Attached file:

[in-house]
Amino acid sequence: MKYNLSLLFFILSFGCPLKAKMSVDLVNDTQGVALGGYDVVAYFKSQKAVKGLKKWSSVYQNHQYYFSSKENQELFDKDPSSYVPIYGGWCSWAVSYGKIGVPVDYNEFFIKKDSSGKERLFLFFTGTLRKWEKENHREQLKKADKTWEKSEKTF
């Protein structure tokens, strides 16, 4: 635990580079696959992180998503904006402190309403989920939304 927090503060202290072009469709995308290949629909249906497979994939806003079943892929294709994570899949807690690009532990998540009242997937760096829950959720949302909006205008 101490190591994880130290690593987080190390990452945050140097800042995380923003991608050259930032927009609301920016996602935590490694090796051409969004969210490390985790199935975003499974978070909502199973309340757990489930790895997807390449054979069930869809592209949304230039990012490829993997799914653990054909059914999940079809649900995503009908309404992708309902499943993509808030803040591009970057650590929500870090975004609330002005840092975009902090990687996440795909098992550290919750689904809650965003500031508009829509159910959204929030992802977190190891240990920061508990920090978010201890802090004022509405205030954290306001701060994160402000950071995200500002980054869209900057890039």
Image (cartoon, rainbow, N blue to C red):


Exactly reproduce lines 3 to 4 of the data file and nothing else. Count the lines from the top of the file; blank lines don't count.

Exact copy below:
């Protein structure tokens, strides 16, 4: 635990580079696959992180998503904006402190309403989920939304 927090503060202290072009469709995308290949629909249906497979994939806003079943892929294709994570899949807690690009532990998540009242997937760096829950959720949302909006205008 101490190591994880130290690593987080190390990452945050140097800042995380923003991608050259930032927009609301920016996602935590490694090796051409969004969210490390985790199935975003499974978070909502199973309340757990489930790895997807390449054979069930869809592209949304230039990012490829993997799914653990054909059914999940079809649900995503009908309404992708309902499943993509808030803040591009970057650590929500870090975004609330002005840092975009902090990687996440795909098992550290919750689904809650965003500031508009829509159910959204929030992802977190190891240990920061508990920090978010201890802090004022509405205030954290306001701060994160402000950071995200500002980054869209900057890039």
Image (cartoon, rainbow, N blue to C red):